Some elected representatives, such as New York City Mayor Bill de Blasio, are calling for the nationalization of ‘critical private companies’ in order to keep them running 24/7. Anyone who’s had to deal with any government service, from DVS and the Social Security Administration to getting operating approval for their businesses will probably shudder at the thought. Excluding services such as law enforcement, I struggle to think of a government department that operates outside of the hours of 9-5 Monday-Friday.

Alternative Proposition:

While shutting things down seems logical – at least superficially – forcibly closing restaurants, schools and borders would force the very thing the government does not want: large crowds of people in a confined area – such as supermarkets or airports. 

Arguably, the best thing we could do (for those who are healthy and unconcerned) both for our health and the sake of the economy, would be to continue our lives as normal. If we eat at (or get takeaway from) restaurants and cafes, continue to let children play with friends, and cut back on visiting elderly parents, we – and our economy – will come out stronger for it.

I’m curious to see the government try implement price controls on grocery items, although realistically this a) wouldn’t work and would eventually lead to rationing if supply chains really are interrupted, and b) we might hear de Blasio call for nationalization of grocery stores. At that point I think we can truly say we’ve lost our ‘free’ institutions.

Stuck in the Middle

If travel restrictions and home-quarantine is being enacted out of compassion for our neighbours, then there also exist compassionate reasons against such restrictive measures.

There are plenty of poor travellers, stranded either indefinitely in a foreign country half-way home, or seeking a third country to reside in for two week ‘quarantine’ periods in the hopes that this country won’t also be added to the ban. 

Those about to move abroad to start work may wonder how long their job will be waiting for them. Even more tragically, those with vulnerable family members face a significant problem: what if their loved-one becomes seriously ill (with corona or something else) and you can’t make it to them for their last few days of life?

Corona: Undermining effective future responses to pandemics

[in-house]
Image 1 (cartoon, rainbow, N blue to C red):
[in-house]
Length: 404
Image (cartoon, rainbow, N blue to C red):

So far, the numbers of deaths/infections are pretty good: the virus isn’t causing perfectly healthy people to drop dead, serious cases remain relatively low and the virus is primarily affecting those who are frail or have underlying health conditions. The resultant frustration felt by those who lose their incomes, who are forced to cancel conferences and eventsshutter their businesses or stay home from school may undermine future efforts to address pandemics. 

If we believe we are civilized, we must question why we need to ‘go medieval’. Is it simply to alleviate public fears? Supermarket shelves seem to indicate that it is having the opposite effect. Indeed, it could have disastrous consequences down the road: an over-reaction to contagious diseases which are later perceived as not-so-serious will undermine future efforts at containment. 

One day we may have an outbreak of highly contagious disease X which kills every person it comes into contact with on the 60th day of being infected. If that happens we may initially approach the situation more hesitantly than we should by refusing to shut things down or quarantine because, “don’t you remember the over-reaction to Covid-19?”

Critically, information remains opaque, hysteria is growing exponentially, but deaths are not (at least for present). Ultimately, if the data doesn’t match the rhetoric, government actions may be a present embodiment of the story of the boy who cried wolf.

This article was originally published as a chapter in “Coronavirus and Economic Crisis” published by the American Institute for Economic Research.